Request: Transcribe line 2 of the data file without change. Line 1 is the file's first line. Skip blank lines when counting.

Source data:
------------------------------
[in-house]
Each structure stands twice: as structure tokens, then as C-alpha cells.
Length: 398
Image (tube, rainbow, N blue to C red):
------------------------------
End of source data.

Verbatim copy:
Each structure stands twice: as structure tokens, then as C-alpha cells.